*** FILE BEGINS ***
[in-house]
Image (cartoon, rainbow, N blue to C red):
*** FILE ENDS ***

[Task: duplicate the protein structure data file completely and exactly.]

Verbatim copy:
[in-house]
Image (cartoon, rainbow, N blue to C red):